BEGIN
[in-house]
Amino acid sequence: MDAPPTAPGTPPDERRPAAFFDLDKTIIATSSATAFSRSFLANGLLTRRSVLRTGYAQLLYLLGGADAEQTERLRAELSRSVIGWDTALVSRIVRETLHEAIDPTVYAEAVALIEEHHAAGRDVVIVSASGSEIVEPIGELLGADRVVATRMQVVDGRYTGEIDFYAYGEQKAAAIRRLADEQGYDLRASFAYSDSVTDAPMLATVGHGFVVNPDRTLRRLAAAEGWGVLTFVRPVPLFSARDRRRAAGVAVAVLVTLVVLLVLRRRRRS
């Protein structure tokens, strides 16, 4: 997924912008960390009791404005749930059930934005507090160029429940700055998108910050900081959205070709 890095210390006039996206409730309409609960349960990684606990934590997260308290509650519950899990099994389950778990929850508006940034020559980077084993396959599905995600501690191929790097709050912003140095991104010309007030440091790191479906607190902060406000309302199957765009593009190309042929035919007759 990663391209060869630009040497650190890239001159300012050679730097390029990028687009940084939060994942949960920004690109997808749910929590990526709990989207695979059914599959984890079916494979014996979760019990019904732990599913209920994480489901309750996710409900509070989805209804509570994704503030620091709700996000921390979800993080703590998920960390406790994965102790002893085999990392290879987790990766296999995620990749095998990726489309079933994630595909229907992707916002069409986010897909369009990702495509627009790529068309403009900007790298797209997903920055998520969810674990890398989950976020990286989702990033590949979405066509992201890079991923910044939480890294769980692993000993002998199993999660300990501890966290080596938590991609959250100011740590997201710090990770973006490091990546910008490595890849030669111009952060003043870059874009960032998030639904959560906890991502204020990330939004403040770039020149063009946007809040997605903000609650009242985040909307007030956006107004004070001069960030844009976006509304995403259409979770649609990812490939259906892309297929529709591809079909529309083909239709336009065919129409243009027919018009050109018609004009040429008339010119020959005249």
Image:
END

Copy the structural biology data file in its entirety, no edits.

[in-house]
Amino acid sequence: MDAPPTAPGTPPDERRPAAFFDLDKTIIATSSATAFSRSFLANGLLTRRSVLRTGYAQLLYLLGGADAEQTERLRAELSRSVIGWDTALVSRIVRETLHEAIDPTVYAEAVALIEEHHAAGRDVVIVSASGSEIVEPIGELLGADRVVATRMQVVDGRYTGEIDFYAYGEQKAAAIRRLADEQGYDLRASFAYSDSVTDAPMLATVGHGFVVNPDRTLRRLAAAEGWGVLTFVRPVPLFSARDRRRAAGVAVAVLVTLVVLLVLRRRRRS
């Protein structure tokens, strides 16, 4: 997924912008960390009791404005749930059930934005507090160029429940700055998108910050900081959205070709 890095210390006039996206409730309409609960349960990684606990934590997260308290509650519950899990099994389950778990929850508006940034020559980077084993396959599905995600501690191929790097709050912003140095991104010309007030440091790191479906607190902060406000309302199957765009593009190309042929035919007759 990663391209060869630009040497650190890239001159300012050679730097390029990028687009940084939060994942949960920004690109997808749910929590990526709990989207695979059914599959984890079916494979014996979760019990019904732990599913209920994480489901309750996710409900509070989805209804509570994704503030620091709700996000921390979800993080703590998920960390406790994965102790002893085999990392290879987790990766296999995620990749095998990726489309079933994630595909229907992707916002069409986010897909369009990702495509627009790529068309403009900007790298797209997903920055998520969810674990890398989950976020990286989702990033590949979405066509992201890079991923910044939480890294769980692993000993002998199993999660300990501890966290080596938590991609959250100011740590997201710090990770973006490091990546910008490595890849030669111009952060003043870059874009960032998030639904959560906890991502204020990330939004403040770039020149063009946007809040997605903000609650009242985040909307007030956006107004004070001069960030844009976006509304995403259409979770649609990812490939259906892309297929529709591809079909529309083909239709336009065919129409243009027919018009050109018609004009040429008339010119020959005249």
Image: